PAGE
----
What are your hopes and aspirations for the rest of your time at Brandeis?
I hope to further develop my coding abilities and be able to more critically read and interpret scientific studies.

What are your plans for after graduation?

There are a lot of different applications for bioinformatics, which is exciting to me. I plan on eventually applying my knowledge towards animal research and wildlife management, and have been looking at jobs that span clinical research to environmental consulting, where I hope to aid in making data translational and accessible.

What advice would you give to upcoming students?

Don’t be afraid to reach out to your peers! Setting up Slack groups has been so important in the remote learning process. Also go to office hours and talk to your professors, they are very knowledgeable and want to see you succeed!

For more information on the MS in Bioinformatics or any other GPS programs, visit our website.

Faculty Spotlight: Sean Milligan

Sean MilliganFaculty member Sean Milligan teaches in the Project and Program Management MS. Having worked in the project management realm for almost 30 years, Sean knows the ins and outs of the industry and the changes it has undergone. At GPS, Sean teaches the course “The Human Side of Project Leadership,” which dives into the people side of managing projects and programs. 

What led you to the project and program management field?

I love this question, because while Project Managers found the field in so many different ways, responses are pretty similar sometimes.  In essence, I started my professional career as a technical writer and got somewhat bored quickly.  Someone commented on my ability to organize and set goals with the writing I was doing and suggested that I look into Project Management.  I did, and the control freak in me really liked what I saw, so I pursued a position with the same company and off I went into the Project Management realm.  Almost 30 years later, that path has provided me with so many wonderful experiences.

What industry trend is currently exciting you?

What excites me about Project Management is the evolution the field has experienced.  Years ago, the Business Analysis and Project Management fields underwent a marriage of sorts and the two roles became quite similar.  Over the last few years, organizations have driven another evolution and Project Managers are viewed less as administrative roles and more as leaders who are driving strategic planning and objectives.  I find this trend exciting, and also get excited by the fact that we rarely hear about too many organizations that don’t have a Project Management function…and that function is now part of the strategic arms of companies.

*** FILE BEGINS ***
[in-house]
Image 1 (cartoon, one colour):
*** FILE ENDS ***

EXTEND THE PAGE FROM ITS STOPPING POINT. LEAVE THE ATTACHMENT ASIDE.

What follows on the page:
What are your best hopes for students in your courses?

I created and now teach a course called “The Human Side of Project Leadership,” which dives into the people side of managing projects and programs. The course teaches students about the human factors that are evident in the teams they manage, and helps them to analyze strategies for effectively applying these factors to their leadership style.  My hope is that this course and others in the program provide students with the ability to find that delicate balance between the science of Project Management and the art of leadership.

Any advice for students or alumni who are job searching or preparing for a project and program management job search in the near future?

Prepare yourself to excel at leading without direct authority over the people and teams you will be managing.  There are so many resources available to students and alumni on leadership, leadership styles, team dynamics, etc., and not taking the time to hone in on your leadership skills is a big miss in today’s job market.  Project Managers who are simply acting as administrators are few and far between, as organizations are looking for candidates that can effectively lead their teams and meet strategic objectives.  I sound like a broken record, but today’s Project Managers have to balance the science with the art. 

For more information on the Project and Program Management MS or other online master’s degrees available at GPS, please visit